The ‘changing’ face of media discourses on poverty in the age of populism and anti-globalisation: The political appeal of anti-modernity and certainty in Brazil

Jairo Lugo-Ocando*

*Corresponding author for this work

Research output: Contribution to journalArticle

Abstract

This article analyses how the political right in parts of the Global South has appropriate agendas and issues that in the past were often associated to the political left and presented them instead as their own. It does so by articulating narratives around poverty and social exclusion in the context of anti-globalisation and nationalistic discursive regimes that appeal to popular ‘common sense’. The piece explores this argument by examining the case of Brazilian president Jair Bolsonaro. Reviewing a sample of Brazilian news media outlets and the type of messages in relation to poverty during the most recent presidential elections, it is suggested that by linking themes of social exclusion with nationalism in the news media, the political right has been able to explain poverty by means of increasing globalisation and liberalism and co-opt this agenda.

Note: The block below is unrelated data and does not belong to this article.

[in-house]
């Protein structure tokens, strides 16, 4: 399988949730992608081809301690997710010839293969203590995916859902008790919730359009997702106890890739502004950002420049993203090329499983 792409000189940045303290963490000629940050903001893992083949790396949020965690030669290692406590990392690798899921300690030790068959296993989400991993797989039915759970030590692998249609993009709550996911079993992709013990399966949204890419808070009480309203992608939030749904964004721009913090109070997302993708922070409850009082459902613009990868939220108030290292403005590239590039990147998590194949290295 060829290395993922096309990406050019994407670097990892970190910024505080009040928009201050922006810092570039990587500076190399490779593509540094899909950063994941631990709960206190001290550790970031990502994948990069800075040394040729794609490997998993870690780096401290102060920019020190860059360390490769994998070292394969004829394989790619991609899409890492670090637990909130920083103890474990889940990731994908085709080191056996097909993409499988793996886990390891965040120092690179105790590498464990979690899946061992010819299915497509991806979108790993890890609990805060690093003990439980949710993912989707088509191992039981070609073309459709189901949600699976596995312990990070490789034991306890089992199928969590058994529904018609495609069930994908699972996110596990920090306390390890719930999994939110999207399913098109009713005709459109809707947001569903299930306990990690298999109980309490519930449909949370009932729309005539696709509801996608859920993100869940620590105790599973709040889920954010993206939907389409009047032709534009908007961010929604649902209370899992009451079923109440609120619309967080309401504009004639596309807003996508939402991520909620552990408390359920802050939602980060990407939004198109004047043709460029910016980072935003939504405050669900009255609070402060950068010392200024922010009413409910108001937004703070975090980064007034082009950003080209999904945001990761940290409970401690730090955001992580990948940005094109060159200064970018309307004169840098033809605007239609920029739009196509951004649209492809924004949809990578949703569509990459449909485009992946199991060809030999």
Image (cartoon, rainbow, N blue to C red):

Original languageEnglish (US)
JournalInternational Communication Gazette
DOIs
StateAccepted/In press - Jan 1 2019

Fingerprint

populism
modernity
appeal
Brazil
political right
globalization
poverty
discourse
news
exclusion
presidential election
liberalism
nationalism
president
regime
narrative

Keywords

  • Anti-globalisation
  • Brazil
  • media
  • modernity
  • news
  • populism
  • poverty

ASJC Scopus subject areas

  • Communication
  • Sociology and Political Science

Cite this

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